Given The Post's coverage of the widespread celebration of the harmonic convergence {"O Hum All Ye Faithful," Style, Aug. 17}, we might assume that in another era Christian services would have been described something like this:

"Last Sunday morning millions of people around the globe participated in a peculiar ritual dreamed up by 12 men who had probably been out in the sun too long. They repeated sections of a fable about a white man who lived in the desert (already it is hard to believe!), died, was reborn and then wandered around without his body. They knelt before expensive hand-carved replicas of this supposed prophet's dead body, which was nailed to a piece of wood. . . ."

Pardon my cliche', but isn't one of the founding principles of this nation respect for diversity of religious practice? This being the case, The Post's mocking coverage of an event that drew thousands of people together in meditation was an insult to all people of faith.

Like many thousands of others, I feel disenfranchised from institutional religions, but I desire the moral foundation of a spiritual community and practice. I meditate, pray, respect Christ, Mary, the Buddha and other people, and I include myself among those tolerant of a developing notion of "God." I would appreciate more respectful coverage in the future. -- Susan R. McCarn

The highly touted harmonic convergence is mostly a bunch of cosmic, cultic horseradish, but Leroy Doggett of the U.S. Naval Observatory is wrong, wrong, wrong when he discounts the existence of the current grand trine {"Planets Won't Attend Astronomical Celebration," Aug. 16}. If The Post has astrological questions, why doesn't it consult an astrologer?

In astrology, the degrees of a grand trine and other aspects need not, as Doggett believes, be exact. Doggett, stating that Jupiter "will be at 30 degrees {of Aries}," claims that in order to form a trine, another planet should be positioned at 150 degrees, and Mars and Venus, at 146 and 141 degrees, do not qualify. But astrology observes what is termed an "orb," or variance of several degrees, in determining aspects among planets. In this case, the sun, Mercury, Mars and Venus all fall within the allowed orb, creating a major part of the grand trine.

The present configuration is highly unusual, and on Aug. 24 it will become extraordinary. According to Neil Michelsen's "The American Ephemeris," on Monday, the sun, moon and six of the eight planets will be part of the grand trine, with the sun, moon, Mars and Venus in exact conjunction on the first degree of Virgo and Mercury in conjunction on the fourth degree of Virgo. What this bodes for planet Earth is conjectural. While trines are generally considered benevolent, grand trines are not necessarily an unmixed blessing. There should, however, be some remarkably talented babies born this week.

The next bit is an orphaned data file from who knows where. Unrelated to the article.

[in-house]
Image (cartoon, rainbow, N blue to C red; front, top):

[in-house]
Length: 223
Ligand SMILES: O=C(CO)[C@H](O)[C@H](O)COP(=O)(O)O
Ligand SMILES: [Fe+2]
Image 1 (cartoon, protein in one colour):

I would be happier about the grand trine if nuclear Pluto were included. Unlike Ollie North, Pluto remains a loose cannon on Scorpio's deck, continuing to present humankind with a choice between mayhem and peace for the rest of this century.

-- Helen I. Francis

Orthodox newspapers like The Post report events of an astrological and spiritual nature very ignorantly and with prejudice. I am referring to the Aug. 17 report of the across-the-country gatherings.

Why couldn't the story have been reported in a way that the reader would not get the message that the writers of The Post are amused by this ''crazy'' idea that some people are putting their time and energy into? -- H. J. Holman What a perfect contrast.

I'm referring to the two major articles on the front of Style Aug. 17: people gathering to celebrate the "new age" at the top, people gathering to celebrate Elvis Presley at the bottom.

The New Agers, whose purpose is to try to establish an era of peace, love and harmony among all people, get sneered at. The Elvis worshippers, whose hero's appeal consists mostly of the lower aspects of sexual attraction, get a sympathetic, even sweetly sentimental write-up.

Why is this? I'm not sure, but I have often noticed that ideas of harmony and love are embarrassing for people whose minds are mired in what Elvis represents, so they sneer. The Post has clearly commented on its own collective mind-set.

-- James Hellmuth